Additional properties of linear functions and polar points are derived from their interaction with the graph of : R^{d} →R defined by (x)=∥x∥^{2}. This graph is a paraboloid of revolution and denoted , same as the map. The projection to R^{d} of the intersection with ƒ_{b} is prj (∩ƒ_{b})=bd b:
∥x∥.sup.2 2(z,x)+∥z∥.sup.2 =ζ.sup.2.
Consider the linear function ƒ_{x} defined for a point b(x,0)=x ε bd b. b and x are orthogonal and therefore p_{b} ε ƒ_{x} ·ƒ_{x} is tangent to and touches in point (x,∥x∥^{2}). It follows the hyperplanes ƒ_{x}, x ε bd b, are the tangents of a cone from p_{b} to . To formally state this observation call y ε visible from a point p below if the line segment py=conv {p, y} meets in y only. By definition, no point is visible from a point on or above . Let vis p denote the set of points visible from p.
FACT 4. A point x ε R^{d} is contained in a ball b iff (x,∥x∥^{2}) ε lies on or below ƒ_{b} iff (x, ∥x∥^{2}) ε vis p_{b}.
Dual complex.
Recall D_{B} is the set of cells δ_{X} with v_{X} =∩_{b}εX v_{b} ≢.0.. We define a subcomplex by selecting δ_{X} only if v_{X} contains points of the ball union. The dual complex of B is
K.sub.B ={δ.sub.X v.sub.X ∩∪B≢.0.},
and the dual shape is ∪K_{B}, see FIG. 5. Clearly, K_{B} .OR right.D_{B} is a complex itself. Observe v_{b} ∩∪B=v_{b} ∩b for every b ε B, and therefore ##EQU23## To develop a (d+1)dimensional interpretation of the dual complex recall the bijections relating δ_{X} ε D_{B} with v_{X} ε V_{B}, ρ_{X} .OR right.F_{B}, and γ_{X} .OR right.G_{B}. By fact 4, v_{X} ∩∪B≢.0. iff ρ_{X} ∩ucl ≢.0.. Let g be a linear function with polar point p(g) ε ρ_{X} ∩ucl . By construction, g supports G_{B}, contains the face γ_{X}, and all points of g lie on or below . The existence of g implies that δ_{X} ε K_{B} only if all points of γ_{X} lie on or below . The reverse is not necessarily true. We state the resulting characterizations of the dual complex for later reference.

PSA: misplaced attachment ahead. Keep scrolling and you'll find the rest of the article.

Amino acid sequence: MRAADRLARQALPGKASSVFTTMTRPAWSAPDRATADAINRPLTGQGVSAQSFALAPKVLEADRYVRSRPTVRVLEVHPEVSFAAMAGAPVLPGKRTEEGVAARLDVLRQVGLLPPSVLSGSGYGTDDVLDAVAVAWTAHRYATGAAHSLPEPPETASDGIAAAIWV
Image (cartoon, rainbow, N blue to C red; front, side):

FACT 5. δ_{X} ε K_{B} iff ρ_{X} ∩ucl ≢.0.iff there exists a supporting hyperplane g of points on or below with g∩G_{B} =γ_{X}.
Because of the symmetry between the Delaunay and Voronoi complex, we can expect the idea of the dual complex also applies to Voronoi complexes. To see this is indeed the case we construct a new set of balls, C, so V_{B} is D_{C}.
Orthogonal complement.
We are interested in the set of balls orthogonal to or further than orthogonal from all balls b ε B:
B.sub.⊥ ={c ε R.sup.d ×Rπ.sub.b,c ≧0 for all b ε B}.
This is the set of balls c with p_{c} ε ucl F_{B}. The set B.sub.⊥ can thus be represented by a finite set of balls generating the vertices of F_{B} ; all other balls are implied by the upward closure operation. To reproduce the unbounded faces of F_{B} we also choose vertices at the infinite ends of the unbounded edges. For each point y ε R^{d}, let η_{y} ^{2} be the maximum η^{2} with (y,η) ε B.sub.⊥. The orthogonal complement of B is the set C of balls (y,η_{y}) over all points y that are either vertices in V_{B} or lie at the infinite ends of unbounded edges in V_{B}. The balls of the latter type have infinite radius and are really halfspaces, as discussed at the end of section 2. Recall we agreed to call two complexes equal if they are the same after removing cells at infinity. With this understanding we have two sets of balls with interchanged Voronoi and Delaunay complexes:
FACT 6. D_{C} =V_{B},V_{C} =D_{B},G_{C} =F_{B}, and F_{C} =G_{B}.
If the balls in B are in general position then the Voronoi cells are simple polyhedra and the Delaunay cells are simplices. It follows the balls in C are not in general position. Indeed, the degeneracy in C suffices to generate simplicial Voronoi cells and simple Delaunay cells. Since F_{C} and G_{C} remain unchanged even if balls c ε B.sub.⊥ are added to C, fact 6 implies
∪C=∪B.sub.⊥. (1)
As a consequence, the balls in B and C together cover the entire ddimensional space, see FIG. 6:
FACT 7. ∪B∪∪C=R^{d}.
Indeed, if y ε R^{d} lies outside this union we have η_{y} ^{2} >0. Adding (y,η_{y}) to C would thus increase ∪C, contradicting (1).
Channels.
The cells of the dual complex are contained in the union of the balls: ∪K_{B} .OR right.∪B. To see this note G_{R} ^{d} = where R^{d} denotes the set of balls b(x,0) with zero radius. Similarly, G_{B}∪R^{d} is the boundary of the convex hull of G_{B} ∪. With this preparation ##EQU24## Observe the projection to R^{d} of the points on G_{B} that lie below is the complement of ∪C. What we just proved is thus slightly stronger than the claim, namely that the dual shape of B is contained in the closure of the complement of ∪C, which in turn is contained in ∪B. By symmetry, ∪B is contained in the closure of the complement of the dual shape of C:
FACT 8. ∪K_{B} .OR right.cl ∪C.OR right.∪B.OR right.cl ∪K_{C} .
In spite of fact 8, it is possible the two dual shapes share common points, see FIG. 7. The common points are indicative of degeneracies where the spheres bounding 2 or more balls intersect in a single point.